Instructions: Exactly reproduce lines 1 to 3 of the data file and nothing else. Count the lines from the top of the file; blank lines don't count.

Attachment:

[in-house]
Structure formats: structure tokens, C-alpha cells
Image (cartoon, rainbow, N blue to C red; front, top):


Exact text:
[in-house]
Structure formats: structure tokens, C-alpha cells
Image (cartoon, rainbow, N blue to C red; front, top):